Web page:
NFL Playoff Format 2014: Explaining Wild-Card Scenarios and Tiebreakers

Tim Keeney@@t_keenContributor IDecember 29, 2013

SEATTLE, WA - DECEMBER 29:  Head coach Pete Carroll of the Seattle Seahawks looks on during the game against the St. Louis Rams at CenturyLink Field on December 29, 2013 in Seattle, Washington. The Seahawks defeated the Rams 27-9.  (Photo by Otto Greule Jr/Getty Images)
Otto Greule Jr/Getty Images

The NFL postseason picture is complete. 

With so many teams still having something significant to play for on the final Sunday of the regular season—heck, even the Kansas City Chiefs, the only team that didn't, still put up a fight with 20 starters sittingfans were treated to a wild Week 17.

Thankfully, though, for those of us whose brains were starting to hurt, the endless hypothetical scenarios can come to an end (well, almost come to an end thanks to playoff reseeding), and the muddy postseason picture is now crystal clear. 

Let's take a look at where each team is left standing, along with an explanation of the seeding and format. 


Playoff Seedings


NFC Somehow Avoids All Tiebreakers

Amazingly enough in the conference that had very little decided going into the final week, it was wrapped up into a tight, neat, little package.

The four division champs (Seattle Seahawks, Carolina Panthers, Philadelphia Eagles or Dallas Cowboys, Green Bay Packers) all had a different winning percentage, so ordering them No. 1 through No. 4 was easy as pie.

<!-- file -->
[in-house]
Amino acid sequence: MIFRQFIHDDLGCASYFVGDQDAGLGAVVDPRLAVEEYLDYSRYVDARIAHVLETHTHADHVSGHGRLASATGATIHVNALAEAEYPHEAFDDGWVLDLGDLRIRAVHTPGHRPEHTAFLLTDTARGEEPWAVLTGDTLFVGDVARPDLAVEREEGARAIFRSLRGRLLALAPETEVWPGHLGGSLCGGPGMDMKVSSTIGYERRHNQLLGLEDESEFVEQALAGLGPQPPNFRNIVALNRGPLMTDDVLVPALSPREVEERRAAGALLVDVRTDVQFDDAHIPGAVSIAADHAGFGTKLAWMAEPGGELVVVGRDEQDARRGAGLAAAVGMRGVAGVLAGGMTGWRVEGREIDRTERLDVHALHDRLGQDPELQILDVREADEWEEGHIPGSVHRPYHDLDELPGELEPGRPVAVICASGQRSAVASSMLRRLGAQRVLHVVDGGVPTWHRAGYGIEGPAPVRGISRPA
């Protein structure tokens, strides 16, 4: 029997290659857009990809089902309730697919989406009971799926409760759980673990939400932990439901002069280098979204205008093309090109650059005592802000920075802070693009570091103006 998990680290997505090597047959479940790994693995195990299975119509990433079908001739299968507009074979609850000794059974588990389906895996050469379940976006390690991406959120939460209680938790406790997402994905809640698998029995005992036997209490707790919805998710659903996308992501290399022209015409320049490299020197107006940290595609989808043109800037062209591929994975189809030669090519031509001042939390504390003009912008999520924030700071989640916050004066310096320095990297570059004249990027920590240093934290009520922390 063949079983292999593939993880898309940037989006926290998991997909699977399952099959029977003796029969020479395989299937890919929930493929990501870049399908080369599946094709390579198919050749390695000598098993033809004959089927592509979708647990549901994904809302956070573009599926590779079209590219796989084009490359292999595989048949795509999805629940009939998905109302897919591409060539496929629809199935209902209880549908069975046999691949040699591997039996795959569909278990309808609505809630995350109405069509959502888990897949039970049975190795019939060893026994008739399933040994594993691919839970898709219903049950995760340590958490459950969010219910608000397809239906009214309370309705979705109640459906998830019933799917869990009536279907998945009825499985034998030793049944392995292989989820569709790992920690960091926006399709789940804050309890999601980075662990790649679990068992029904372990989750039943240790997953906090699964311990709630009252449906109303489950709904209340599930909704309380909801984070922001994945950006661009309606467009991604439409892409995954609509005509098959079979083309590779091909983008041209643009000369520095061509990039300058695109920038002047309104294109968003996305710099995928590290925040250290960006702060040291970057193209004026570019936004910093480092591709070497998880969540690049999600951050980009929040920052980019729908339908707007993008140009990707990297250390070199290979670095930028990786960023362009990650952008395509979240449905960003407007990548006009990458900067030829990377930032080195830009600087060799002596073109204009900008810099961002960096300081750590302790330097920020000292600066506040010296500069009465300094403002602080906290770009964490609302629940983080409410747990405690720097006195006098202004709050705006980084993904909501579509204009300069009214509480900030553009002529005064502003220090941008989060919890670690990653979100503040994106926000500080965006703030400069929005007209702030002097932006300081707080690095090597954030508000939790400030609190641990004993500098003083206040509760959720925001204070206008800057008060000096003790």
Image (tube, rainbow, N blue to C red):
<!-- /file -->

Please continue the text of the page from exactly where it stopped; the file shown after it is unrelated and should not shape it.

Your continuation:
Same goes for the wild-card spots, as the San Francisco 49ers (12-4) earned the No. 5 spot over the New Orleans Saints (11-5). Both edged the Arizona Cardinals, who finished 10-6. 

Interestingly enough, the Niners would have secured a meeting with the NFC East winner—a matchup most believe is more favorable than the Packers at Lambeau—if they lost to the Cards on Sunday, but wide receiver Anquan Boldin put it simply:


Cincinnati Wins Tiebreaker Over Indianapolis in AFC

Determining the No. 1 and 2 seeds in the AFC was similarly simple, as the Denver Broncos (13-3) and New England Patriots (12-4) finished with more wins than everyone else and were easily separated by their records. 

The other two division winners, the Cincinnati Bengals and Indianapolis Colts, both had 11 wins, however, and had to go through a tiebreaker, which came down to head-to-head record.

Thanks to a 42-28 win over the Colts in Week 14, the Bengals earned the No. 3 seed. That's key, as they were able to avoid the dangerous Kansas City Chiefs, who also finished with 11 wins but dropped to the No. 5 seed because they were a wild-card team. 

San Diego rounded out the AFC playoff picture by going 9-7. If they would have lost to the Chiefs in Week 17, they would have fallen into five-way tie with the Pittsburgh Steelers, Baltimore Ravens, New York Jets and Miami Dolphins. 

In that scenario, the Steelers would have advanced, but that's a "moo point" now.

All in all, after the playoff picture was muddied throughout the entire season, everything turned out quite straight-forward.